This case highlights, the importance of taking a complete history that facilitates a proper decision-making process on the need for conventional coronary angiography in patients presenting with chest pain, or the need for other investigations in the case of suspected clinical entities not related to the coronary arteries that could simulate ischaemic heart disease. If a thorough history had been taken in our case from the beginning, we would have diagnosed dysphagia earlier and our patient, who had an intermediate pretest probability of obstructive coronary artery disease, could have been investigated via a different pathway. The latter could involve evaluation by a gastroenterologist in the first place, followed by CT coronary angiography, thereby avoiding conventional coronary angiography, which is an inherently riskier procedure. CT coronary angiography could have been combined with CT angiography of the thoracic aorta and its branches, since AL would have very likely been suspected during the dysphagia workup, specifically by the demonstration of oesophageal compression on barium oesophagography. Furthermore, since AL may simulate ischaemic heart disease, it should be considered in the differential diagnosis of chest pain and the suspicion should be strengthened if the patient also complains of dysphagia. This way, if the patient were to be subjected to conventional coronary angiography, the operator would remain vigilant so as not to miss angiographic signs favouring AL. As highlighted herein, paying attention to the course of the catheters during right transradial coronary angiography is important to suspect and diagnose AL, which might not necessarily cause extreme difficulty in accessing the ascending aorta or be extremely tortuous. 

Figure 1

Conventional invasive coronary and computed tomographic angiographic images. a. Selective left coronary artery angiogram in the left anterior oblique caudal projection. Note, the Judkins left catheter angulation (arrowhead) just before the junction of arteria lusoria (AL) with the aortic arch where it traverses through a wider angle and curves back in order to enter the aortic arch and ascending aorta. Note, also that the course of the catheter from the proximal segment of AL up to the ostium of the left main coronary artery (LMCA) resembles a slanted letter “Z”. b. Three-dimensional volume-rendered reconstruction of aortic multislice computed tomography (MSCT) angiography depicting a left aortic arch and an aberrant right subclavian artery (SCA) or AL originating distal to the origin the left SCA. A common trunk of right and left common carotid arteries (BCT; bicarotid trunk) is displayed as the first branch of the aortic arch.  c. Axial multiplanar reconstruction of aortic MSCT angiography depicting the oesophagus (dotted arrow) that is compressed between the trachea (arrowhead) and the dorsally located AL (solid arrow).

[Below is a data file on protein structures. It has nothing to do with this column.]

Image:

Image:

Disclosure statement

No financial support and no other potential conflict of interest relevant to this article was reported


Dr Andreas Y. Andreou, MD, FESC, FACC, FSCAI

Department of Cardiology

Limassol General Hospital

Nikeas street, Pano Polemidia

PO Box 56060 

CYP-3304 Limassol